Profiling a Windows service for indefinite periods of time

Use this forum for questions on how to use .NET Memory Profiler and how to analyse memory usage.
Post Reply
pnschofield
Posts: 12
Joined: Thu Aug 02, 2007 7:42 pm

Profiling a Windows service for indefinite periods of time

Post by pnschofield » Thu Aug 02, 2007 7:49 pm

We need to profile a Windows service which may have an infrequent and currently unreproducible memory leak. The approach we'd like to take is to have a memory profiler running on the server, attaching to the service as it's starting up and then proceeding to log snapshots. It needs to be able to start up and attach to the service under any circumstances (e.g. after the machine has rebooted) to ensure it will be logging all the time.

Is this a scenario that's practical with .NET Memory Profile? Or is an alternate method suggested?

Would we have to write our own Windows service and use the Mem Profiler API to make this happen?

Paul Schofield
paul.schofield<at>broadlane<dot>com

pnschofield
Posts: 12
Joined: Thu Aug 02, 2007 7:42 pm

Post by pnschofield » Thu Aug 02, 2007 7:50 pm

Forgot to subscribe to thread on OP.

pnschofield
Posts: 12
Joined: Thu Aug 02, 2007 7:42 pm

Post by pnschofield » Thu Aug 02, 2007 8:25 pm

The service will allow me to write a plug-in component that can be loaded and executed, so I may end up writing some automation that way.

pnschofield
Posts: 12
Joined: Thu Aug 02, 2007 7:42 pm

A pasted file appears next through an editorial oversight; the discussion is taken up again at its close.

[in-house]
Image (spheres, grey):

Post by pnschofield » Thu Aug 02, 2007 9:00 pm

Of course, that would go into an infinite loop as the Mem Profiler restarts the service to attach, followed by the service starting an instance of Mem Profiler, ad infinitum.

Back to writing a separate service?

Paul

Andreas Suurkuusk
Posts: 1029
Joined: Wed Mar 02, 2005 7:53 pm

Post by Andreas Suurkuusk » Fri Aug 03, 2007 3:20 pm

It is possible to start profiling a process and collect snapshots automatically using command line parameters. Unfortunately, it is currently not possible to attach to a process using the command line, so the service must be started by the profiler. Unless you really need to attach, it is usually recommended that the profiled process is started from the profiler, as this will provide more detailed information.

The command line below will start the profiler and collect a snapshot every 10 minutes, which seems to be suitable for your purposes. If no user interface is wanted, the /noui parameter can be provided as well.

Code: Select all

<Installation path>\NetMemProfiler.exe /autocollect:10  /autosavesnapshot+ /service:<Service name>
For more information about the available command line parameters, see http://memprofiler.com/OnlineDocs/avail ... ptions.htm.

Instead of the /autocollect parameter, you can use the MemProfiler API to initiate snapshot collections from within the profiled process. However, this will not work if you attach to the process.
Best regards,

Andreas Suurkuusk
SciTech Software AB

pnschofield
Posts: 12
Joined: Thu Aug 02, 2007 7:42 pm

Post by pnschofield » Fri Aug 03, 2007 6:40 pm

Thank you for the command line. I can now launch the application from the command line. However, even with the addition of the /noui switch, it still launches the UI. I currently have the evaluation edition. Here's the full command line I'm using to launch the app:

Code: Select all

"C:\Program Files\SciTech\NetMemProfiler3\NetMemProfiler.exe" /autocollect:1  /autosavesnapshot+ /service:"IdeaBlade PersistenceServer Service" /noui

Andreas Suurkuusk
Posts: 1029
Joined: Wed Mar 02, 2005 7:53 pm

Post by Andreas Suurkuusk » Mon Aug 06, 2007 6:24 pm

The "/service" and "/program" arguments must be the last ones on the command line. The remainder of the command line is passed on to the profiled application (actually, in the current version no command line is passed to the service, but arguments after the service name are not parsed).

So to fix your problem, add the "/noui" switch before "/service", and things should work correctly.
Best regards,

Andreas Suurkuusk